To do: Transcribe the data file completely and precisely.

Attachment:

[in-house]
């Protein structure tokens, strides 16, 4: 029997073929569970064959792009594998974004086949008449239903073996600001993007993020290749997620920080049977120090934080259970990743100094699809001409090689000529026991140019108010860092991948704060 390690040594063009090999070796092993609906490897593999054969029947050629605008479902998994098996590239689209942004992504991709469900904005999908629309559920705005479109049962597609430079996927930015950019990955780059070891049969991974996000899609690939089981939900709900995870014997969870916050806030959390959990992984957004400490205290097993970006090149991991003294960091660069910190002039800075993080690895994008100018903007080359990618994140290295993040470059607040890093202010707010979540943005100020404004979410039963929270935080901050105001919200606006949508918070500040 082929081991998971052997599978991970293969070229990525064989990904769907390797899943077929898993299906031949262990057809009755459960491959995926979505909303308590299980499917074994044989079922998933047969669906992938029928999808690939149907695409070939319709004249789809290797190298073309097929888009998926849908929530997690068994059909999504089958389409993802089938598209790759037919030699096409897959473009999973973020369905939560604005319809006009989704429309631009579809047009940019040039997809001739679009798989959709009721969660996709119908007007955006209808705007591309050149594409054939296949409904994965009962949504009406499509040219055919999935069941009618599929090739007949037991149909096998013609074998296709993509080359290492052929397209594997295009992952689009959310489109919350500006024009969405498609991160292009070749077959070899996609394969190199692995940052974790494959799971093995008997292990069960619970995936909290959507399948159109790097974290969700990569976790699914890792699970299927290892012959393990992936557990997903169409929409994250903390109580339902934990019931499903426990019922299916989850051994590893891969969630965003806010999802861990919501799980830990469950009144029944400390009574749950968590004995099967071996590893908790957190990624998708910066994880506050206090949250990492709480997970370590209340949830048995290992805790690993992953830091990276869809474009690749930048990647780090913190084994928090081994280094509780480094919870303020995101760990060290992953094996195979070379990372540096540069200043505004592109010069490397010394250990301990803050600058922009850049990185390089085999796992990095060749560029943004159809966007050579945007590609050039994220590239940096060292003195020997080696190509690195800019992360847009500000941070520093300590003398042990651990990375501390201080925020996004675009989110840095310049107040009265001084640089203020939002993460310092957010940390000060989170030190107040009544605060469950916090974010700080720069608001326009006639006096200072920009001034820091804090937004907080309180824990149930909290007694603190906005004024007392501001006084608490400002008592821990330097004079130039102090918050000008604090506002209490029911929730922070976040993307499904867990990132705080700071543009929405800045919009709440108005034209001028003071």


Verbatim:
[in-house]
């Protein structure tokens, strides 16, 4: 029997073929569970064959792009594998974004086949008449239903073996600001993007993020290749997620920080049977120090934080259970990743100094699809001409090689000529026991140019108010860092991948704060 390690040594063009090999070796092993609906490897593999054969029947050629605008479902998994098996590239689209942004992504991709469900904005999908629309559920705005479109049962597609430079996927930015950019990955780059070891049969991974996000899609690939089981939900709900995870014997969870916050806030959390959990992984957004400490205290097993970006090149991991003294960091660069910190002039800075993080690895994008100018903007080359990618994140290295993040470059607040890093202010707010979540943005100020404004979410039963929270935080901050105001919200606006949508918070500040 082929081991998971052997599978991970293969070229990525064989990904769907390797899943077929898993299906031949262990057809009755459960491959995926979505909303308590299980499917074994044989079922998933047969669906992938029928999808690939149907695409070939319709004249789809290797190298073309097929888009998926849908929530997690068994059909999504089958389409993802089938598209790759037919030699096409897959473009999973973020369905939560604005319809006009989704429309631009579809047009940019040039997809001739679009798989959709009721969660996709119908007007955006209808705007591309050149594409054939296949409904994965009962949504009406499509040219055919999935069941009618599929090739007949037991149909096998013609074998296709993509080359290492052929397209594997295009992952689009959310489109919350500006024009969405498609991160292009070749077959070899996609394969190199692995940052974790494959799971093995008997292990069960619970995936909290959507399948159109790097974290969700990569976790699914890792699970299927290892012959393990992936557990997903169409929409994250903390109580339902934990019931499903426990019922299916989850051994590893891969969630965003806010999802861990919501799980830990469950009144029944400390009574749950968590004995099967071996590893908790957190990624998708910066994880506050206090949250990492709480997970370590209340949830048995290992805790690993992953830091990276869809474009690749930048990647780090913190084994928090081994280094509780480094919870303020995101760990060290992953094996195979070379990372540096540069200043505004592109010069490397010394250990301990803050600058922009850049990185390089085999796992990095060749560029943004159809966007050579945007590609050039994220590239940096060292003195020997080696190509690195800019992360847009500000941070520093300590003398042990651990990375501390201080925020996004675009989110840095310049107040009265001084640089203020939002993460310092957010940390000060989170030190107040009544605060469950916090974010700080720069608001326009006639006096200072920009001034820091804090937004907080309180824990149930909290007694603190906005004024007392501001006084608490400002008592821990330097004079130039102090918050000008604090506002209490029911929730922070976040993307499904867990990132705080700071543009929405800045919009709440108005034209001028003071």